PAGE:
By Leah Asmelash, CNN
The week after Labor Day has historically represented the unofficial start of fall, and though most leaves have retained their green color, the season of pumpkin spice is already in full effect.
On August 24 — a full month before the official start of fall — Starbucks posted a tweet that sent half of the internet into a frenzy, while the other half shook their heads in despair: “Pumpkin has entered the chat.”
It was a de facto announcement about the return of the coffee chain’s cult favorite Pumpkin Spice Latte, a drink some look forward to all year. A week earlier, competitor Dunkin’ posted about the return of their own pumpkin coffee confection.
Every year, it feels like pumpkin spice mania comes earlier and earlier. Though some of these products may be blatant marketing ploys, some segments of society seem to welcome it back with open arms every time. From coffee to candles to deodorant, pumpkin spice is ubiquitous — a signal that fall is upon us once more. Even if it’s still 90 degrees outside and there’s nary a golden leaf in sight, it’s suddenly time for fires, apple picking and cozy sweaters. Fall begins when we say it does!
But why do so many crave the return of this season so much? What are we really reaching for when we cling to the edge of fall’s garment, hoping it will envelope us sooner than it has before?
Part of it is nostalgia. Part of it is the warmth the season brings. But it could also just be the events of the past 18 months that are causing many of us to feel ready for fall early.
With fall, comes nostalgia
Some of the joyous anticipation of fall is just that: anticipation. When our mouths drool while imagining warm mugs of apple cider and pumpkin bread, it’s the anticipation that gets us excited, rather than the actual reward, one psychologist says.
“So come August, we’re like fall is kind of around the corner, we’re anticipating all the good things that are coming,” said Richard Lopez, professor of psychology at Bard College.
There are powerful cues that play into the nostalgia surrounding fall — possibly even moreso than with other seasons. There’s a nip in the air, the leaves are different colors, kids and their oversized backpacks are schlepping to school — all of these signs are triggers that, oftentimes, remind us of our younger selves, Lopez said.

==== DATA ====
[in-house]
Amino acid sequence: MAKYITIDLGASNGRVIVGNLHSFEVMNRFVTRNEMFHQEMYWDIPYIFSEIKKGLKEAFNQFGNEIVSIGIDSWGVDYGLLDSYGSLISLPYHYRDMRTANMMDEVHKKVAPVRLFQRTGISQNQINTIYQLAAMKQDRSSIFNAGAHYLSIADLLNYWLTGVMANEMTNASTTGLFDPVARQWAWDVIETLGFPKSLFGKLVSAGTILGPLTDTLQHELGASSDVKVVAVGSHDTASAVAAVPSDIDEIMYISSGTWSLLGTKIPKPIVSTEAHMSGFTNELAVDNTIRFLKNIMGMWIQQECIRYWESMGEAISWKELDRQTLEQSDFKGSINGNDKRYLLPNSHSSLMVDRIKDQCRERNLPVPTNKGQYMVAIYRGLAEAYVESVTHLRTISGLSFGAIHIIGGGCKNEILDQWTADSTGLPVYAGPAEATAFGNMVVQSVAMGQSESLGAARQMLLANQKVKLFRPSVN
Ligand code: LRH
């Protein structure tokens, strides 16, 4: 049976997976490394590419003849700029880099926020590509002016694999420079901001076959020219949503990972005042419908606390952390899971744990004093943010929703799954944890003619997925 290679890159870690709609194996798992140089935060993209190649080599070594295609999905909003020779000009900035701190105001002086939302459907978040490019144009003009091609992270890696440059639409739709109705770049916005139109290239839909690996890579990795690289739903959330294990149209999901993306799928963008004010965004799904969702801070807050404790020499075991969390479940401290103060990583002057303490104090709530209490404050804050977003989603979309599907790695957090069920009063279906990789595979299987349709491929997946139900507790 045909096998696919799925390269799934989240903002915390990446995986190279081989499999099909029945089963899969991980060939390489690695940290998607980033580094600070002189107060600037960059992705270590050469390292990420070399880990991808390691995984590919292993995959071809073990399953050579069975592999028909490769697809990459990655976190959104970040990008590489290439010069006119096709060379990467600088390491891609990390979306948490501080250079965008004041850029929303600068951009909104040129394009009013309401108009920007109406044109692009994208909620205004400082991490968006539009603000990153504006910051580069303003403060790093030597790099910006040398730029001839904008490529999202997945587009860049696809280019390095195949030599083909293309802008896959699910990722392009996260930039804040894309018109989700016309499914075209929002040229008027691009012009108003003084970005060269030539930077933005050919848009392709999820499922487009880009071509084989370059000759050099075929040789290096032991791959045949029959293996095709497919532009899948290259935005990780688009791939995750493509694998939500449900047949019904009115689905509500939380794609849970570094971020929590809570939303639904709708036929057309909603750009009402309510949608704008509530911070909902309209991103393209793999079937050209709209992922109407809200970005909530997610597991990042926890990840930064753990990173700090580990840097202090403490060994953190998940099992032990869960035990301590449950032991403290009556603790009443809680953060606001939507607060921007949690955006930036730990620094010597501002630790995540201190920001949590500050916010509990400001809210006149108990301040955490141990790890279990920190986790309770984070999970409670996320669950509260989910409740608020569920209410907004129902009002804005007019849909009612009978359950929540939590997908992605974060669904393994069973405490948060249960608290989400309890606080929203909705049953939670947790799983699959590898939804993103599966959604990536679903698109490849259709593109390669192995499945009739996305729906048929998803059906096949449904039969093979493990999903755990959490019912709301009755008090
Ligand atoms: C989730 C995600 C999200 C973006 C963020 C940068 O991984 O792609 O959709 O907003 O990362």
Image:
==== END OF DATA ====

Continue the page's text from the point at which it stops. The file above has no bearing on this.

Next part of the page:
Think of holidays like Halloween, and the childlike joy it brings, with its costumes and bright orange-wrapped chocolate. Or even specials like “It’s the Great Pumpkin, Charlie Brown.” These are things that bring many of us back to an earlier, more simpler time.
Those layers of positive memories and nostalgia, coupled with the anticipation of what’s to come, all play into the excitement many feel about fall, Lopez said.
“It’s this change of season; there’s a lot of things to look forward to. We had those same experiences when we were young,” he said. “Other times of year, there isn’t that effect with that nostalgia or that anticipation.”
Tom Hanks’ character in the 1998 movie “You’ve Got Mail” sums it up perfectly: “Don’t you love New York in the fall?” he asks. “It makes me want to buy school supplies.”
Fall can offer comfort in tumultuous times
But when we think of fall, it’s not just nostalgia at play. There’s a cozy aspect as well, visions of s’mores and snuggly hay rides. Even in beloved pumpkin spice sweets, it’s not the pumpkin flavor that most people love, it’s the warming spices of nutmeg, cinnamon and ginger.
The season, quite literally, makes people feel warm. And by extension, that could make folks feel safe, or cared for. The general wariness many feel from the last 18 months due to the uncertainty of the Covid-19 pandemic, civil unrest last summer and climate change-related weather events this year, could also be part of why people are craving fall sooner rather than later.
Human beings naturally want certainty and order, Lopez said. Recent events, amplified by social media and near-instant access to news, have denied that.
“It’s just a lot to handle,” he said. “All these things were true before, but we didn’t have these kinds of events at this scale to force us to think about it.”
This could make this upcoming fall a little more difficult, Lopez said.
“We want that feeling of safety and coziness, but … in previous years, pre-Covid, we’d have an active spring and an active summer, and then we’d love to go home and cozy up,” he said. “But home is a strange place now, because we’ve spent so much time here.”
It means that those associations we’ve had with home, safety, coziness, comfort — maybe even fall — could be changing.
That doesn’t mean that fall won’t be as cozy as it has been in the past, or that those first few sips of sweet pumpkin coffee won’t hit. It just means many Americans are different now than they were prior to March 2020. It’s OK if fall feels different, too.
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